Why You Should Never Buy a New Car

Why You Should Never Buy a New Car

If you’re someone wondering how to afford housing, health, and all the essentials of life, you’re probably happy to hear about new financial tips that can help you spend less and save more. So here’s one of the best money hacks you’ll ever hear: You should never, ever buy a new car.

This is true not just because new cars are increasingly incredibly expensive, with average prices topping out near $US50,000 and just 8% of new cars on the market priced below $US30,000. Buying a new car is simply a terrible financial decision in every sense. You’ll almost always come out better buying a used car of relatively recent vintage, and you’ll be even better off without a car at all if you can manage it. Here’s why.

The depreciation and costs of buying a new car

First and foremost, a new car will lose nearly a third of its value within the first year, no matter how well you maintain it. You can get monthly oil changes and spend hours washing and waxing that baby and it will still be worth 20-30% less after twelve months. That means if you spent $US50,000 on a new vehicle today, by next year it would be worth about $US35,000.

And the depreciation never ends. After the first year, your car will lose about 15-18% of its value annually, for a total depreciation of about 60% after five years. So if you buy a 2024 model this year for $US50k, by 2029 it’ll be worth just $US20,000. If anyone suggested you invest in anything else that would lose 60% of its value guaranteed, you would walk away.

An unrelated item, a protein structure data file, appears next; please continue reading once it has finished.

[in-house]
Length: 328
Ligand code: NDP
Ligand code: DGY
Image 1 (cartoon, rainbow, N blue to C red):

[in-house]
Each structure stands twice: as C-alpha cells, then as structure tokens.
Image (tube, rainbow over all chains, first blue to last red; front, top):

Second, if you’re like most people, you’re borrowing money to buy that car, so on top of overpaying for the car in the first place because of near-instant depreciation, you’re paying interest to service that loan. Depending on your credit score and the structure of the loan, those interest rates can be as high as 20%. And that monthly payment doesn’t include insurance, maintenance, or fuel costs.

How to avoid vehicle depreciation

If you can’t live without a car, you are much better off buying a pre-owned vehicle. There’s one basic reason for this: If you buy a five-year-old car, you’re avoiding all of that drastic depreciation. While your vehicle will still lose value over time, it won’t be nearly as dramatic a loss. That formerly $US50k car you buy for $US20k when it’s five years old will be worth about $US10k after another five years, and about $US6k five years after that.

And while maintenance costs for any car will rise with its age, this is true for new cars as well. Since the average motorist drives about 13,500 miles per year, your five-year-old used car probably has about 112,654 km on it, and it probably cost an average of about $US7,000 to maintain in that time. Maintaining that car through the next 5 years and 112,654 km will cost you an average of about $US10,000. More expensive, yes — and these are averages based on a whole lot of assumptions, so your mileage may literally vary here — but not so much more expensive as to offset the higher cost of ownership and greater depreciation of a new car. And a used car will also be cheaper to insure (because it’s literally worth less, natch).

Of course, you give something up when you buy a used, older car. It probably won’t have the newest technology, and you’ll have to deal with annoyances left behind by the owner, whether it’s impossible-to-remove bumper stickers or the baked-in scent of a dedicated vaper. And there’s also the simple psychological safety of having a brand-new vehicle you can assume will be reliable and worry-free for many years.

But the takeaway is simple: New cars don’t offer enough value for the extra money. If you have that extra money lying around, there’s no reason not to splurge on a new car. But if you’re watching your budget, there’s no strong reason to splurge on a new car. Save yourself some money and buy something gently used.

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